A very relevant concept, or rather experimental, car is this "Hydrogen Record Car" (H2R for short) constructed by BMW. For some decades now vehicle manufacturers have been researching alternatives for using fossil fuels as an energy source for engines. At first electricity seemed the way to go but the problem of practically storing sufficient amounts of electric energy proved too hard to solve. In recent years there was a distinct shift in attention to using hydrogen as an energy source. There's ample of it around (though most of it bound in water molecules), it's very combustable (remember the Hindenburg disaster? that was hydrogen burning) and it can be used environmentally friendly.
Most manufacturers are looking into fuel-cell technology as a means of utilizing hydrogen. This technology is based upon using the chemical reaction between hydrogen and oxygen to generate electricity which then powers electric motors. BMW however has chosen a more direct approach. They have adapted a regular, modern internal combustion engine to run on hydrogen. This sounds easy enough, but it has taken a lot of development work to make it run well. And to underline the results of this BMW has introduced the H2R in 2004 to set some record-breaking speeds for hydrogen fuelled cars.
The H2R basically is a very streamlined lightweight racing car. It's based on an aluminum space frame monocoque construction and has a carbon fiber single-seater bodywork. In front of the car a 6-litre V12 engine is fitted which is derived from the production engine of the BMW 760 Li limousine. This massive engine produces 282 hp in hydrogen trim, enough to power the 1560 kg (at full load) H2R from 0 to 100 kph in 6 seconds and to a top speed of 302 kph.
During September 2004 the H2R set 9 speed records at the French Miramas track, including fastest kilometer and mile times from a standing start (26.557 and 36.725 seconds respectively). Though this proves that hydrogen fuelled combustion engines can have ample performance the same engine in normal petrol trim would probably have done better. Never the less this is another stride forward in the development of hydrogen fuelled cars.
Most interesting about this development is that "normal" combustion engines can be converted to using hydrogen fuel, mainly by changing the fuel injection system and the materials for the combustion chambers. This means less investments in new production technologies, a gradual transition from petrol to hydrogen rather than a direct change and similar mechanic and dynamic properties to current engines. To prove this BMW will launch a "dual-mode" version of its current 7-series model which will be able to run on both petrol and hydrogen. Though it will take at least another decade for hydrogen fuelled cars to become economically feasible, the steps BMW are taking look promising and may have a better chance to succeed than the fuel-cell option. The biggest challenge now seems to be to realize a safe hydrogen fuel infrastructure, to get the fuel safely into the cars (hydrogen ignites easily) and, last but not least, to produce hydrogen without using fossil fuels...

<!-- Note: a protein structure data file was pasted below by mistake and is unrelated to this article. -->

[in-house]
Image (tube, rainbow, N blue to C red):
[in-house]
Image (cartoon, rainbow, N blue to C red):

Less innovative is this Hyundai E3 concept which was unveiled at the Geneva Motorshow in 2004. Designed by Hyundai's German design studio it displays the styles and shapes which will feature on Hyundai production models in the near future.
Its name refers to the three E's on which this design was based: Enjoyment, Environment and Extraordinary. Remarkable features are "suicide" doors which open wide to 90 degrees to offer a roomy access to the bright interior, an integrated bicycle carrier in the rear bumper and LED head- and rear lights. The interior features light pastel tints inspired by traditional Korean ceramics and this color scheme is also repeated in the engine bay.
The E3 concept is powered by a 2.2-litre 4-cylinder direct injection diesel engine with double overhead camshafts, 4 valves per cylinder and a turbo, developing about 140 hp.
At about 4 meters length this concept fits into the European middle class range, a highly competitive sector of the car market with models like the Volkswagen Golf, Renault Megane and Ford Focus. It seems that Hyundai's European design studio has given especially the latest Megane and Focus models a good close look because design elements of these cars are found on this concept. Look for instance at the rear portion which recalls the distinctive rear side of the Megane and the extended wheel arches, a style which was first seen on the Focus.
The E3 concept is a pleasing design which can be put on the market without much adjustments, but it isn't a trend setter or the "extraordinary" design which Hyundai wanted it to be. The Korean car manufacturer still has to look for its own styling vocabulary rather than citing that of others.